When you get down to the nitty gritty of marketing your creative practice, content strategy is almost certainly going to be an essential part. And as I emphasized in episode 23, your marketing is a marathon not a dash. This means that creating compelling content has to have to become a steady, regular, ongoing part of marketing your creative practice. If the thought of having to come up with new ideas month after month, for years on end, is a bit terrifying for you, keep listening, because there is a secret to keeping the content coming.Subscribe on: iTunes | RSS feed | Google Podcasts
Are you ready to take the struggle out of finding new clients?
One of the reasons so many creatives fail to effectively market themselves comes down to either a neglect of, or ineffective efforts in executing their content strategy. You can only write about “branding” so many times, and how many of your competitors have a similar post in their archives? Posts about your latest work, events you’ve attended, new hires at your firm, or the pets you bring to the office just don’t move the needle when it comes to impactful marketing.
But if you eliminate these themes, what do you have left to write about? In episode 24 I talked about the essential need for PinPoint positioning as a catalyst for content creation. Creative firms that narrowly define their scope of services, and focus on delivering their services to one clear industry, or common problem, have a much easier time generating and sustaining ideas for content.
But there’s something else about the kind of content that well-positioned firms generate that makes it not only easier to sustain, but extremely effective to boot. It has to do with their ability to accurately, concretely, and articulately answer the third question that defines a PinPoint position, namely, how does what you do benefit your clients.
As Donald Miller so persuasively describes in his popular book, “Building a Storybrand,” when a prospect reads your messaging, they want to see themselves as the hero in the story. You’re just the guide who can help them reach their goals. At the end of the day, people care about their own goals, problems, and dreams. They don’t really care about your love of creativity, your belief in the power of branding, your awards, or what a fun loving crew works at your firm. They want to know that you understand their problems, and that you have a solution that will lead them to the outcome they’re striving for.
That’s what makes the content that flows out from a well-positioned firm so engaging and persuasive to prospective clients. Prospects can clearly see how the well-positioned firm has answered the problems they’re having. They might even find insights to problems they’ve never considered. That’s because from within their embedded context, they can’t perceive the patterns that a specialist sees from their higher level perspective.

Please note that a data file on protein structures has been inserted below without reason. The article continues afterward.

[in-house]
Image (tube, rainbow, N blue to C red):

Not only does PinPoint Positioning overcome the blank canvas syndrome for creating content, it increases its impact and effectiveness as well. Comparing the content marketing experience of a well-positioned firm to that of the generalist is like comparing the golden age of illustration to modern abstract expressionism. Illustrators such as N.C. Wyeth, J.C. Leyendecker, and Normal Rockwell connected so concretely with their audiences—with iconic images such as the small runway boy with a bindle, sitting next to a big policeman at the counter of a diner. You know the one. Doesn’t that one image tell a clear and compelling story?
The work avant garde abstract expressionists, on the other hand, which might be great art—speaks more to the prestige of the artist, and the subjective experience of the viewer, than to a clear and unambiguous narrative. The content of the generalist is all about the artist. The content of the specialist effectively serves the viewer—and thus the cause of the client. Your clients don’t hire you so that you can have an opportunity to display your artistic genius. They hire you to tell their stories, stories where they, not you, are the hero.
What does your content history look like? Is it more expressionist, or illustrative? If you want a content strategy that’s effective and sustainable, it’s time to enter into your client’s world, and make them the hero of your messaging.
Until next week: don’t let the business of creativity overwhelm your creative business.